Additionally, the earliest figure being tossed around was a $20 billion settlement, which would have included the $6.3 billion cash portion of the deal the bank subsequently made with the FHFA. So, the remaining part of the settlement was originally estimated to be about $13.7 billion, give or take, so it's pretty safe to assume the bank has planned ahead for at least that amount. The recently reported $12 billion figure was on the low side, so there is definitely some wiggle room for negotiating.

One thing we can say about the banks is they aren't getting caught off-guard by these settlements. And, Bank of America has more experience than most of its peers in this sort of thing, having already paid or agreed to pay about $60 billion in legal settlements in recent years.

Patience is a virtue
CEO Brian Moynihan said the Justice Department settlement will be the last big one the bank will face as a result of the mortgage crisis, so the "settlement era" will be over sooner rather than later. All of Bank of America's management had hoped for a swifter end to the mortgage-related legal issues, but it is what it is.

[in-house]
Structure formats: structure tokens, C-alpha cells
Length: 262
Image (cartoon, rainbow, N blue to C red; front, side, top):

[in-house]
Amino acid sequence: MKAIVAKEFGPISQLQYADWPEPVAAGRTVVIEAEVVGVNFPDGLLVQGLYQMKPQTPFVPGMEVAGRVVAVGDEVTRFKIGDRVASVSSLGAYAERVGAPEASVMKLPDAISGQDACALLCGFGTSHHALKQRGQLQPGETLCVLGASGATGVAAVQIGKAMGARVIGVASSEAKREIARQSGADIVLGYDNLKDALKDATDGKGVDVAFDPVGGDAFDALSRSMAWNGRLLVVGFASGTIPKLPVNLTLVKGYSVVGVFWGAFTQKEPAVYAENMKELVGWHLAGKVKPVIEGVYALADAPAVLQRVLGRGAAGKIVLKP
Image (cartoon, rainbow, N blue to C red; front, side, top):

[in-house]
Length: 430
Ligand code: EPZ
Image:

Don't let the 11-figure settlement headlines cloud your judgment on Bank of America. As fellow Motley Fool Financials writer Jordan Wathen found in his recent valuation of the bank, most of its business segments are not only much improved from since the crisis, but are thriving. In particular, the consumer banking and GWIM (global wealth and investment management) businesses are doing incredibly well.

In all, Bank of America is worth considerably more than its trading for right now (about 20% more, according to the part-by-part analysis). Once the legal drama is over, it won't be on sale like this forever. Just have a little patience...

These stocks beat the big banks...
Here's your chance to pocket big dividends. Over time, dividends can make you significantly richer. And guess what? The big banks are laggards when it comes to paying dividends. So instead of waiting for a cash windfall that may never come, check out these stocks that are paying big dividends to their investors RIGHT NOW. Click here for the exclusive free report.

Matthew Frankel has no position in any stocks mentioned. The Motley Fool recommends Bank of America. The Motley Fool owns shares of Bank of America. Try any of our Foolish newsletter services free for 30 days. We Fools may not all hold the same opinions, but we all believe that considering a diverse range of insights makes us better investors. The Motley Fool has a disclosure policy.